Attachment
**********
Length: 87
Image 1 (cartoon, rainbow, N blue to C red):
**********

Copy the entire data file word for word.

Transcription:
Length: 87
Image 1 (cartoon, rainbow, N blue to C red):